Higher-income countries, such as the US and nations of the EU, are responsible for excess resource extraction of raw materials which has led to ecological damage
From 1970-2017, the United States and the European Union have been accountable for 74% of resource extraction globally – reflected in the severe rise of environmental destruction seen in our changing climate.
Resource extraction includes logging, extracting rock, oil, natural gas, and other natural materials, fracking and more. It is obtained by excavation, drilling, boring, or other methods.
Researchers analysing the national responsibility for ecological breakdown – through calculating the extent to which each nation has overshot their fair share of sustainable resource use thresholds – find that excessive global resource extraction fast tracks CO₂ emissions and increases ecological damage.
Resource extraction of natural materials is swiftly escalating climate change, not only in terms of CO₂ emissions, but also in land-use change, biodiversity loss, chemical pollution, and biogeochemical flows.
The world economy consumes over 90 billion tonnes of materials yearly
Published by researchers at the Institute of Environmental Science and Technology of the Universitat Autònoma de Barcelona (ICTA-UAB), the analysis of national responsibility for ecological breakdown highlighted that ecological damage from resource extraction now dramatically exceeds safe and sustainable levels.
They took into account domestic extraction as well as the materials involved in global trade flows for resources such as fossil fuels, timber, metals, minerals and biomass, using data from the UN’s international resource panel and extrapolated calculations.
It was found that 1970 and 2017, up to 2.5 trillion tonnes of materials were extracted globally, with high-income and upper-middle-income countries using the vast majority of these resources. Of the 2.5 trillion tonnes, 1.1 trillion tonnes were in excess of the sustainable limit provided by environmental experts.
High-income countries, with just 16% of the world’s population, are responsible for 74% of global excess resource use over the 1970-2017 period. Driven predominantly by the United States, at 27%, and high-income countries in the European Union, at 25%.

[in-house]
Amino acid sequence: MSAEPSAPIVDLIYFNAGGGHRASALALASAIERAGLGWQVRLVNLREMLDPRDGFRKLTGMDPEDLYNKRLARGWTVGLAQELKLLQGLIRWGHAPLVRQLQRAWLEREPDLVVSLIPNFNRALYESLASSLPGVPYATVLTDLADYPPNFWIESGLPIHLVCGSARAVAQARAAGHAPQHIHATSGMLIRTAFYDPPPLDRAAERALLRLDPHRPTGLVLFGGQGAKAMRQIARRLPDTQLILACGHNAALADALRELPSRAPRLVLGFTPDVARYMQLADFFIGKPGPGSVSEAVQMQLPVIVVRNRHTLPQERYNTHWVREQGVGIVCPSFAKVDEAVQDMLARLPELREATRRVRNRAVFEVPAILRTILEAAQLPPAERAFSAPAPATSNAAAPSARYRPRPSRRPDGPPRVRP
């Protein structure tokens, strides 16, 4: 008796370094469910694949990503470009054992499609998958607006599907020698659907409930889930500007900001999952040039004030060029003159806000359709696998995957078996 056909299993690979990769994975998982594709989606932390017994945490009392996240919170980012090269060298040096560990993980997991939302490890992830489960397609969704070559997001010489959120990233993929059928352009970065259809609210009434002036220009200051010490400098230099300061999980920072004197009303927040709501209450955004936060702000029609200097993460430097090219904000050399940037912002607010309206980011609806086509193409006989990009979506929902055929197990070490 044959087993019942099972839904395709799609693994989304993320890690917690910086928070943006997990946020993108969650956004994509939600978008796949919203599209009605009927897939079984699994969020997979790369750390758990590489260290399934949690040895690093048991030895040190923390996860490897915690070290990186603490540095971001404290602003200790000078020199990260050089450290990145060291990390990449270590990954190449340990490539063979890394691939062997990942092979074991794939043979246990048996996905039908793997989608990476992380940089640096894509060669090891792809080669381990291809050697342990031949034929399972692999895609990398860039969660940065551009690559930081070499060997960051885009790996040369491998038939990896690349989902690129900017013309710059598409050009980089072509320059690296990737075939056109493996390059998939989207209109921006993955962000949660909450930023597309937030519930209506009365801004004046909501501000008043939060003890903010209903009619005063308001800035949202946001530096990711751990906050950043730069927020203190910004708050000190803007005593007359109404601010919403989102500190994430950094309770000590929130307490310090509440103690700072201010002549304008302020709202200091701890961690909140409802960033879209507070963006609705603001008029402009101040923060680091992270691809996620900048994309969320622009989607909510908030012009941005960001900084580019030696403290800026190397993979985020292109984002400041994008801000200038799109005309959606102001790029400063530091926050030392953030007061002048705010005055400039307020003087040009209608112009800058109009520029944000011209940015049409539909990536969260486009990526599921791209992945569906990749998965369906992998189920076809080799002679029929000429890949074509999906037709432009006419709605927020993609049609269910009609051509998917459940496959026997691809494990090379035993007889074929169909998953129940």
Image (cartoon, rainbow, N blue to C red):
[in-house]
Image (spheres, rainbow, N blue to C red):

While Spain ranks 11th in the list of 15 countries exceeding the planetary sustainable limit of raw material use – as it is responsible for 2% of excess – it follows other countries such as Japan, Germany, France, the United Kingdom, Canada, and Italy.
Jason Hickel, an ICTA-UAB researcher, said: “Not all nations are equally responsible for this trend; some nations use substantially more resources per capita than others through material extraction, production, consumption and waste.”
The Global South is responsible for only 8% of resource extraction
China, which is an upper-middle-income country, ranks second globally, and is responsible for 15% of global excess material use.
The rest of the Global South, which involve predominantly low-income and middle-income countries of Latin America and the Caribbean, Africa, the Middle East and Asia, has the largest population at 3.6 billion – is responsible for only 8% of resource extraction.
Overall, these 58 countries in the Global South still remain within sustainable levels despite their larger population – yet, they will suffer the most and the earliest, from climate change.
However, in more optimistic terms, the United States has gradually diminished its resource extraction over the past two decades, which has also been seen in Europe and other high-income nations.
With this change in national responsibility, China has begun to overshoot its extraction since 2001 – and has only been growing.
Jason Hickel further said: “The results show that wealthy nations bear the overwhelming responsibility for global ecological breakdown, and therefore owe an ecological debt to the rest of the world.
“These nations need to take the lead in making radical reductions in their resource use to avoid further degradation, which will likely require transformative post-growth and degrowth approaches.”